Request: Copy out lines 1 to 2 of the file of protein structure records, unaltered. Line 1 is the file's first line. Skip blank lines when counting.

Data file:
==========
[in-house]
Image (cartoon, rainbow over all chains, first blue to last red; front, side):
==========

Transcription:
[in-house]
Image (cartoon, rainbow over all chains, first blue to last red; front, side):